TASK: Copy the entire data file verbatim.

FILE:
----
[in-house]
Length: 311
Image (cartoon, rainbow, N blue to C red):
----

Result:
[in-house]
Length: 311
Image (cartoon, rainbow, N blue to C red):